Dinwiddie County Airport, situated 25 mi. (40 km) south of Richmond, VA, had been receiving improvements since May of this year. The project, overseen by the Richmond office of Delta Airport Consultants Inc., involved an overlay of Runway 5-23 and construction of a parallel taxiway as well as a rehab of the general aviation apron. New airfield lighting and an upgraded drainage system also were included in the job.
Chris Jefferson, resident project representative, of Delta Airport Consultants, provided liaison between the prime contractor, Burton P. Short and Son Paving Company of Petersburg, VA, and the airport manager, Dave Ploeger. Ploeger is employed by the Dinwiddie Airport and Industrial Authority.
Jefferson’s job consisted of monitoring the project to make sure it is in accordance with the plans and specifications, and he also acted as a field representative.
“I met daily with Lex Cobb [project manager for Short and Son Paving] to see what work he had scheduled,” said Jefferson.
According to Cobb, 26,000 tons (23,587 t) of asphalt was used on the job. The amount of concrete used on the job was significantly less. Approximately 18,000 sq. yds. (15,050 sq m) of cement treated base was used on top of the dirt/sub grade.
Carson, VA-based Phillingane and Son LLC was the utility and site work subcontractor on the airport project. The company had to move approximately 17,000 cu. yds. (13,000 cu m) of dirt, which was stored on the job site from a previous project. Also removed from the site was 48,800 sq. yds. (40,803 sq m) of pavement. In addition, Phillingane upgraded the drainage system from old CMP pipes to new concrete RCP pipes and constructed paved ditches. The company also performed all of the grading at the site.
According to Mark Phillingane, vice president, the company owns all of the equipment it used on the project.
“We used excavators, bulldozers, off-road trucks, motorgraders, and on-highway trucks,” said Phillingane. “Ninety-five percent of our equipment is Caterpillar.”
The airfield lighting subcontractor, Electrotech of Glen Allen, VA, installed new airfield lighting on the taxiway, runway, and threshold. The company also will put in new signage and a Precision Approach Path Indicator.
Another subcontractor, Slurry Pavers Inc., also of Glen Allen, conducted crack repair and milling work. The amount of crack repair proved to be a challenging aspect of the job. There had been approximately 55,000 linear ft. (16,764 m) of crack repair on the existing runways and apron.
Since the parallel taxiway was constructed from scratch, some difficulty resulted when the contractors bulldozed the site. Given that the airport was originally built in the 1940s, they encountered obstacles from unsuitable material in the form of organic soil, trees and stumps.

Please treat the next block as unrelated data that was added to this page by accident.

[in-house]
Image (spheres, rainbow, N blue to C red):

“It was all unsuitable material that we had to remove,” Cobb said.
Additionally, the unusually dry weather in the region provided a challenge. According to Ploeger, the airport had to keep the dust at a minimum.
“You have to continually water it down to meet the strict compaction guidelines and specifications,” he noted.
All of these challenges were worth the end result, however. The overlay of the main runway will extend the life of it for another 20 years. Construction of the new taxiway allows for a more efficient flow of aircraft traffic around the airport. The new taxiway “also increases safety because the airplanes will no longer have to taxi through aircraft parking areas,” explained Ploeger.
The airport, conveniently located adjacent to Interstate 85 and Route 460, presently features a terminal and five large hangars, suitable for single or multiple corporate jets, and 42 T-hangars. The airport offers quality flight instruction, a ground school, aircraft sales and rentals, and maintenance. Aircraft charters also are available through Central Virginia Aviation.
A new terminal building is presently under construction under a separate contract, which also includes additional parking for aircraft and the construction of access roads.
“We’re hoping that the new terminal and lighting and entry road will generate more traffic,” concluded Ploeger.
Funding for the $3.5-million Dinwiddie County Airport project came from three groups. The FAA provided $3.2 million, which was 90 percent of the cost. The Virginia Department of Aviation funded 8 percent or $294,869, and the Dinwiddie Airport and Industrial Authority paid 2 percent or $73,718. As per Ploeger, that is the usual method of funding FAA sponsored projects in Virginia: 90 percent, 8 percent, and 2 percent.
The taxiway and runway were completed first, while the remainder of the work, including the airfield lighting and paving of the apron, were recently finished on Oct. 15.